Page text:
An Ohio man posing as a Black Lives Matter leader was indicted by a federal grand jury on multiple charges of money laundering and wire fraud last week after the FBI discovered he used a Facebook page to “defraud donors out of almost half-a-million dollars” in 2016.
Local Toledo activist, Sir Maejor Page, facing four criminal charges. Three counts of money laundering and one count of wire fraud. Find out why… @NBC24WNWO
— Brian Steinmetz (@BrianSteinTV) March 13, 2021
Sir Maejor Page, 32, reportedly created the Facebook page titled “Black Lives Matter of Greater Atlanta” in 2016, marketing it as a nonprofit dedicated to garnering financial donations for racial justice. Even after the IRS revoked the organization’s 501(c)(3) status due to the lack of proper paperwork in 2019, Page reportedly continued to collect donations through the death of George Floyd in 2020, claiming the funds would be used to support protests and the Black Lives Matter movement.
Page, however, allegedly spent at least $200,000 of the $450,000 donations for personal endeavors and entertainment in Toledo, Ohio and Atlanta including “personal items, hotel rooms, clothing, firearms, a house and adjoining vacant lot at Glenwood and Maplewood avenues, and payment to a prostitute.”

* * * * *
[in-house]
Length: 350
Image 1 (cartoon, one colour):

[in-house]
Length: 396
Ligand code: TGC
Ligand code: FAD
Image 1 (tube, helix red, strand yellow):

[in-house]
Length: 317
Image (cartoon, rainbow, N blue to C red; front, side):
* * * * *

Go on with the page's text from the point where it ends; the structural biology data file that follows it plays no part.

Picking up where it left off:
Page claims he did not “intentionally commit any crimes” and merely tried to fulfill “my only purpose in life to fight for those whose voices have been muffled and or silenced.”
“Numerous videos and livestream videos were posted to Page’s personal social media pages showing himself in what appeared to be newly purchased clothing, hotel rooms, and office space in Atlanta,” charging documents stated. “Several audio statements are made by Page in the videos boasting about the money he has, his tailored suits, his nice cufflinks and ‘$150 dollar ties,’ and boasting about ‘my room way up at the top … at the top top … they put the bottom feeders on these floors…”
None of the donations Page reportedly received from the social media page were linked to a “purchase or expenditure for social or racial justice.”
FBI previously arrested Page in Toledo in September on one count of wire fraud and two counts of money laundering.
“Page is accused of using unprecedented tensions and uncertainty due to widespread civil unrest and a global pandemic to fill his own bank account,” said FBI Special Agent in Charge Eric B. Smith. “Page allegedly purchased homes, traveled, and spent other people’s money to buy luxury items for himself, all on the backs of hardworking people believing they were donating to a worthy cause. The FBI will continue efforts to root out fraudsters who victimize our fellow citizens for personal gain.”